St. Louis Beacon – Monday, May 13, 2013
The effort in the Missouri legislature to abolish local foreclosure mediation ordinances, such as those in St. Louis and St. Louis County, had all the right kind of legislative momentum.
State Rep. Stanley Cox and House Majority John Diehl’s legislation had unchallenged support from Republican legislators. It was a major priority for the state’s banking and real estate industry, two powerful and influential interest groups that opposed the ordinances in St. Louis County and St. Louis. And some Democratic legislators in the Missouri House supported it.
But one potentially potent roadblock could have stopped the bill: a bloc of Democratic senators, many of whom saw the foreclosure crisis in their communities daily. Had they banded together and filibustered, they could have blocked the bill to wipe out these programs championed by St. Louis County Executive Charlie Dooley and St. Louis Mayor Francis Slay.
But that didn’t happen — and Cox and Diehl’s bill now sits on Gov. Jay Nixon’s desk after a surprisingly small amount of debate. Even proponents of the legislation say they were surprised that the legislation managed to pass relatively quickly.
Some of the biggest opponents of the bill are disappointed about the outcome.
“I’m having a very difficult time with how the Senate works over here,” said state Sen. Jamilah Nasheed, D-St. Louis. “I was told that the power of a senator is to be able to filibuster. When we go there, we don’t take it to the end. We start out filibustering and then we close out without accomplishing our goals of stopping bad bills.”
Senators interviewed by the Beacon say a number of factors — including the lack of a “united front” and a perception that the issue affected only St. Louis — may have prevented a filibuster from coming together But the episode may also be an example of Realpolitik of the Missouri Senate: Sometimes opponents of a bill will hold their tongues if they know a governor is primed to veto.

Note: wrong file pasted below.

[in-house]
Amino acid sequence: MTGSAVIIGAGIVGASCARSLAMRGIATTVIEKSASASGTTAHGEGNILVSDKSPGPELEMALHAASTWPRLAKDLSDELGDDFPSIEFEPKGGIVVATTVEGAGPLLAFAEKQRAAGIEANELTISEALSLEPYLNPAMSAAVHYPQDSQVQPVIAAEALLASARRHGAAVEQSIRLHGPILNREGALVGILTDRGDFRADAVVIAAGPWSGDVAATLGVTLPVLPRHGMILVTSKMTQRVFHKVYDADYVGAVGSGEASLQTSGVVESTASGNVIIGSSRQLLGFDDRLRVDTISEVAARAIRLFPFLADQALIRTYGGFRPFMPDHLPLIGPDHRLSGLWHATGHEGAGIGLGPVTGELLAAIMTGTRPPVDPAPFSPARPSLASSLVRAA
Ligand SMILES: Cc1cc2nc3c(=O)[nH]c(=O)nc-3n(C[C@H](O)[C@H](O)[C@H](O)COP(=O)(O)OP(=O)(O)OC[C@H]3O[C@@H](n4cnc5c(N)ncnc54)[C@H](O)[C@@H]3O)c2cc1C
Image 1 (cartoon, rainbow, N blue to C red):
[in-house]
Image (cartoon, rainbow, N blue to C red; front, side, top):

“I will tell you that individual senators and sometimes as a minority caucus, our assessment of a likely veto will have a dramatic impact on the extent to which we’ll spend floor time on a particular issue,” said state Sen. Scott Sifton, D-Affton said. “Which is to say, the more certain we are of a veto, the less likely we are to burn capital by stringing things out.”
And while Nixon’s administration isn’t saying how they’ll act on the bill, it’s possible that the governor could veto the bill, so validating the senators’ decision to hold back. But the senators also took a risk since Nixon could always sign the bill or lawmakers could override his veto.
The target and the targeted
The St. Louis County Council opened up a legal and political can of worms last year when it approved its foreclosure mediation ordinance. St. Louis followed suit a few months later with its own measure.
The ordinances would allow a homeowner in foreclosure to enter into mediation with the lender and a neutral third party. Besides requiring lenders to pay for mediation, St. Louis County’s ordinance would set a $1,000 fine for a “person, firm or corporation convicted of violating any provision.” The city’s ordinance is similar, although it would levies a $500 fine for noncompliance.
While advocates of mediation note that the process doesn’t automatically stop a foreclosure, they say that it can catch mistakes and may keep people in their homes.
“Yeah, it’s personal to me,” said state Sen. Gina Walsh, D-Bellefontaine Neighbors, a major supporter of foreclosure mediation programs. “It’s where I grew up. It’s where I live now. I grew up in Spanish Lake and I hate to see that happening. Because we all know what happens. The banks don’t want those homes. So they take them away. The grass is knee high. They’re vacant buildings. Kids get in them. They get hurt or somebody does something nefarious that shouldn’t be in there.”
But the ordinances’ divergence from state foreclosure policy wasn’t the only reason it attracted attention, especially from banks and realtors.